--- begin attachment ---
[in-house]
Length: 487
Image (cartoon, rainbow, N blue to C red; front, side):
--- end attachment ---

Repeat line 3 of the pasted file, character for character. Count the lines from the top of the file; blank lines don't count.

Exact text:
Image (cartoon, rainbow, N blue to C red; front, side):